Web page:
The electricity produced by a residential solar system is also measured in kilowatt-hours. When the sun is shining on a clear day, your solar panels will produce quite a bit more than you’re using. The digital net meter will monitor all the kilowatt-hours going into the grid and the numbers will count backwards. You probably aren’t using this energy because you’re at work or at school. The utility gives you a credit for these kilowatt-hours.

When you come home from school or work, and start using the appliances in the evening, the net meter will count forwards again. Your kilowatt-hour usage is measured against the kilowatt-hours your system produced during the daytime.

The utility doesn’t measure this on a daily basis. They’ll still look at your utility at the end of the billing cycle. They’ll check your net electrical usage (kilowatt-hours going out versus kilowatt-hours coming in) and they’ll send you the appropriate bill.

It’s possible that your system will have produced more electricity by the end of the billing cycle than what you used. You won’t lose this energy; in fact, both PSEG LI and Con Edison will continue counting your kilowatt-hour credits in your favor against your usage in the next billing cycle.

For example, let’s say in one month, your solar system produced 1,000 kWh. Your household consumption was 800 kWh. Your net consumption was -200 kWh; in other words, your solar system produced an extra 200 kWh more than what you needed that month. Your utility will credit your electricity account those extra kilowatt-hour credits for the next month, if you need them. It will be indicated on your bill as your “energy bank”.

Let’s say the next month your solar system produces another 1,000 kWh. However, your home uses 1,200 kWh. In this case, the utility will include the 200 kWh credit from the previous month. In this case, everything evens out, and they wouldn’t charge you for electricity, because your net consumption was zero.

If you happen to have additional excess electricity produced in the second month as well, you won’t lose the first month’s excess. Both PSEG LI and Con Edison will continue accumulating your kilowatt-hour credits until the end of the year. That’s where they differ — more on that later.

Net metering is especially useful for regions like the northeast, which have four distinct seasons. Solar systems in New York State produce more energy in the spring and summer, on average, than they do in the fall and winter. Net metering allows you to carry your excess power from the “bright” seasons into the “dark” seasons so your year-round average bill remains low.

It’s quite common that people don’t have excess power at all. You’re still being credited for your kilowatt-hour production either way. For example, if your solar system produces 800 kWh, and you use 1,200 kWh, the utilities will bill you for the difference — 400 kWh.

Your electric utility bill will be reduced by your solar system. How much you are paying for your solar system — which might vary depending on whether you’re financing or leasing your system — would depend on your arrangement with your solar contractor. If you’re currently reviewing your options, you might want to review how solar ownership works compared to solar leasing.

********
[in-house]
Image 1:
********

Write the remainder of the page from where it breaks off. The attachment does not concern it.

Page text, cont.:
Con Edison and PSEG LI treat net metering the same on a month-to-month basis. In other words, your solar system’s kilowatt-hour production is measured against your household’s kilowatt-hour consumption in the same way.

Each utility sets their own rates per kilowatt-hour consumed, so their respective customers don’t pay the exact same charges. For example, if your solar system produced 1,000 kWh and your home used 1,200 kWh in that month, you might owe a different amount depending on where you live. However, if the reverse were true — your solar system produced more than you used — then in both cases, you wouldn’t be charged for electricity. This is because a kilowatt-hour is a unit of measurement, while the price-per-kilowatt-hour is determined separately.

Bear in mind that both utilities charge a basic service fee. This is a daily fee to remain connected to the grid. It’s unavoidable, even if your solar system produces more power than you use year-round. Check your bill for details.

There is an important distinction between Con Edison and PSEG LI. At the end of the billing year, Con Edison will write you a check for the wholesale rate of your kilowatt-hour energy bank (if you have excess energy remaining) plus 6.6%. The wholesale rate will be less than what you normally pay for electricity, but it may help cover the basic service charges. At the end of your billing cycle, your energy bank is returned to zero.

PSEG LI is contracted by LIPA, which is a public entity and isn’t subject to the same regulations as Con Edison. They changed their net metering policy in 2018; now, PSEG LI continues crediting your energy bank for excess solar energy for a 20 year period, after which it’s returned to zero. They no longer write checks, unless your system was registered prior to the policy change.

There are benefits and some drawbacks to both policies, but as mentioned above, each utility uses a blanket net metering policy for all properties within a class (e.g. residential solar) so customers simply must accept the policy for their territory. On the one hand, it’s nice to receive a check at the end of the year; on the other hand, since solar panels can degrade in efficiency over time, it’s nice to have an ongoing energy bank for 20 years. Then again, some customers use up all their solar energy anyway, and simply enjoy their solar systems for the considerable energy savings over time.